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While I was playing with Wolfram Alpha online calculator I wondered how to calculate and justify an approximation of an integral involving the fractional part function, the exponential and the gamma function $$\int_0^1\left\{\frac{e^x}{\Gamma(x)}\right\}dx. $$ Thus here $\left\{x\right\}$ denotes the fractional part function, see these code

int frac(e^(x)/Gamma(x))dx, from x=0 to 1

and

plot e^x/Gamma(x), from x=0 to 1

I believe that it is feasible get the good approxiation that I've evoked using (real) analysis, but I am not sure of my strategy.

Question. What is a good method to calculate and justify a good approximation of the integral $$\int_0^1\left\{\frac{e^x}{\Gamma(x)}\right\}dx\,?$$ Many thanks.

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    $\begingroup$ you can use Weierstrass infinite product for $1/\Gamma$ $\endgroup$ – Masacroso Jan 16 '18 at 14:00
  • $\begingroup$ Yours seems a very good hint @Masacroso but I am not able to get the result. My strategy was more simple and without results. $\endgroup$ – user243301 Jan 16 '18 at 14:01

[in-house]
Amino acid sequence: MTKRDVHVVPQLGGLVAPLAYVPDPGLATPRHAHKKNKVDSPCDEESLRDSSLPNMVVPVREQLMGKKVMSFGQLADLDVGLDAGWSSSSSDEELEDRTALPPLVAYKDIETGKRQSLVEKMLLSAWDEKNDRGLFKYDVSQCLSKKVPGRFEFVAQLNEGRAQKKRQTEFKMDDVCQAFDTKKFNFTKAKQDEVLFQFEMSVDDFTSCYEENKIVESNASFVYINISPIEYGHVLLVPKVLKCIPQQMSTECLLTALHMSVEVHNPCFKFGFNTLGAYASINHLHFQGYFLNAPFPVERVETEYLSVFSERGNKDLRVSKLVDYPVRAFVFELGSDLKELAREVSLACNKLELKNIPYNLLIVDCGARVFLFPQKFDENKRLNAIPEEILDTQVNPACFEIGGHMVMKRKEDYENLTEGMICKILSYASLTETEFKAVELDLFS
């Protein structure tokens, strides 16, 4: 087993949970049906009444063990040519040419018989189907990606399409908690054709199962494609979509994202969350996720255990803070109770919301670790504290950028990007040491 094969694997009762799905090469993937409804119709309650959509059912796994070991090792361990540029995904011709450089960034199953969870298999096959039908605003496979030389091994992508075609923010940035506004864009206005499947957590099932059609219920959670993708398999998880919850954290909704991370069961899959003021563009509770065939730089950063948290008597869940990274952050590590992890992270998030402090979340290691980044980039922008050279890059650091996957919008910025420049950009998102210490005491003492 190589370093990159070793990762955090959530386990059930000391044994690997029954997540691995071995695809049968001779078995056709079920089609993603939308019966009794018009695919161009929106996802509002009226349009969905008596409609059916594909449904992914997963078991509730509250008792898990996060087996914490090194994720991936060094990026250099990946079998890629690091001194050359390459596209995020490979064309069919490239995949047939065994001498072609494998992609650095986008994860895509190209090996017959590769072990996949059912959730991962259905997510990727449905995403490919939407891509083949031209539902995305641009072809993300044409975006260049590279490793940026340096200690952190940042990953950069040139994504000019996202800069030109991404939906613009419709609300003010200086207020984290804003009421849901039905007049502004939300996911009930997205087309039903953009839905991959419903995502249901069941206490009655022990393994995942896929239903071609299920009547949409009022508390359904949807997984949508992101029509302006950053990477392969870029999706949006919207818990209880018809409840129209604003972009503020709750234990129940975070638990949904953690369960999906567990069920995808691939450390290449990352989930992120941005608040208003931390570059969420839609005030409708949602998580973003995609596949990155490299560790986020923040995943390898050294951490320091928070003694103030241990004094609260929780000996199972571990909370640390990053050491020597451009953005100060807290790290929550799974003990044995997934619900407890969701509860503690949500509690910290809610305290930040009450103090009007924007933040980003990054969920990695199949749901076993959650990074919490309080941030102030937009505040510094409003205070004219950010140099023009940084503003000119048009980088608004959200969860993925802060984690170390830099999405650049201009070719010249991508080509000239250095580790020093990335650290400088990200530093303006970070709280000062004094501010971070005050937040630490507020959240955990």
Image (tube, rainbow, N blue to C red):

• $\begingroup$ What exactly was your strategy, just typing it into Wolfram Alpha? $\endgroup$ – Professor Vector Jan 16 '18 at 14:09
  • $\begingroup$ I'm sorry was disconnected @ProfessorVector , my strategy was to combine with the definition of fractional part function, but also with the thought of do a comparison of the numerator and denominator functions, or try to combine with the Fourier expansion of the fractional part. But as I've said I have no results. $\endgroup$ – user243301 Jan 16 '18 at 14:39
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    $\begingroup$ I think a good strategy would be to ignore the fractional part at first and calculate $\displaystyle I_1=\int_0^1\frac{e^x}{\Gamma(x)}\,dx$, first. Then,you subtract the integral over the integer part, being $2-x_1-x_2$, obviously, where $x_k$ is the solution of $\dfrac{e^x}{\Gamma(x)}=k$. All that can be done with standard numerical methods, since $\dfrac{e^x}{\Gamma(x)}$ is a very regular function (entire, actually). The result is $I_1+x_1+x_2-2=0.42384987265144912254672336585425778176$. The only problem with that is: who needs such a result? $\endgroup$ – Professor Vector Jan 16 '18 at 16:30

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